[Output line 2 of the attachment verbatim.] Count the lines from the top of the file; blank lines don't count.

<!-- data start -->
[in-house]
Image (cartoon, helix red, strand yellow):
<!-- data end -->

Image (cartoon, helix red, strand yellow):